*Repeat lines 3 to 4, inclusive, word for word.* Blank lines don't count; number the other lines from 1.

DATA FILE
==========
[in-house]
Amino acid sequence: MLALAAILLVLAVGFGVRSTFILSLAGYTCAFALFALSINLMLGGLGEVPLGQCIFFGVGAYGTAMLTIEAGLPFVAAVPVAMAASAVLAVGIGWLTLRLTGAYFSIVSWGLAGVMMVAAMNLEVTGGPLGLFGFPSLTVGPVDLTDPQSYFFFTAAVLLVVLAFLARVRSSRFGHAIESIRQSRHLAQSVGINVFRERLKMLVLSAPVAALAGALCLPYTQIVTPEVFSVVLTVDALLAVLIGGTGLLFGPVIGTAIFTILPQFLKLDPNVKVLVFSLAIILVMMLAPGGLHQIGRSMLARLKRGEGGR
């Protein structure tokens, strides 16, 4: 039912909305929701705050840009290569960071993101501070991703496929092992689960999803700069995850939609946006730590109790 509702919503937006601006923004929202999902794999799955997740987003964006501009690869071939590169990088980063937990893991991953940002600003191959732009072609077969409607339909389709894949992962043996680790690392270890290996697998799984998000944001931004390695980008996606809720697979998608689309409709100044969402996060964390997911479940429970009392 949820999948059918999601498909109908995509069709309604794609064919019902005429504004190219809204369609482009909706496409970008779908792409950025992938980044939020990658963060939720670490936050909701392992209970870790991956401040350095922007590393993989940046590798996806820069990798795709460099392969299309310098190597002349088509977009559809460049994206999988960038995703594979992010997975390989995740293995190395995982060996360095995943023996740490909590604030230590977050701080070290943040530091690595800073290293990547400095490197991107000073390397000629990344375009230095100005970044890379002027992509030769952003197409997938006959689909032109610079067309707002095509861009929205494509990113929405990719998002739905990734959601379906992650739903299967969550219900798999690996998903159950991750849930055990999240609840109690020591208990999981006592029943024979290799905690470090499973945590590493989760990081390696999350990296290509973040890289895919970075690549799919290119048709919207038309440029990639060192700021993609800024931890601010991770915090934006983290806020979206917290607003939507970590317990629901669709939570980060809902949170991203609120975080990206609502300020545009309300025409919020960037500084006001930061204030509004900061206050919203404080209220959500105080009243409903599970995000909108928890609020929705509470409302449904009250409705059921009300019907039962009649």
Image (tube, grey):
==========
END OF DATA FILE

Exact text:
């Protein structure tokens, strides 16, 4: 039912909305929701705050840009290569960071993101501070991703496929092992689960999803700069995850939609946006730590109790 509702919503937006601006923004929202999902794999799955997740987003964006501009690869071939590169990088980063937990893991991953940002600003191959732009072609077969409607339909389709894949992962043996680790690392270890290996697998799984998000944001931004390695980008996606809720697979998608689309409709100044969402996060964390997911479940429970009392 949820999948059918999601498909109908995509069709309604794609064919019902005429504004190219809204369609482009909706496409970008779908792409950025992938980044939020990658963060939720670490936050909701392992209970870790991956401040350095922007590393993989940046590798996806820069990798795709460099392969299309310098190597002349088509977009559809460049994206999988960038995703594979992010997975390989995740293995190395995982060996360095995943023996740490909590604030230590977050701080070290943040530091690595800073290293990547400095490197991107000073390397000629990344375009230095100005970044890379002027992509030769952003197409997938006959689909032109610079067309707002095509861009929205494509990113929405990719998002739905990734959601379906992650739903299967969550219900798999690996998903159950991750849930055990999240609840109690020591208990999981006592029943024979290799905690470090499973945590590493989760990081390696999350990296290509973040890289895919970075690549799919290119048709919207038309440029990639060192700021993609800024931890601010991770915090934006983290806020979206917290607003939507970590317990629901669709939570980060809902949170991203609120975080990206609502300020545009309300025409919020960037500084006001930061204030509004900061206050919203404080209220959500105080009243409903599970995000909108928890609020929705509470409302449904009250409705059921009300019907039962009649």
Image (tube, grey):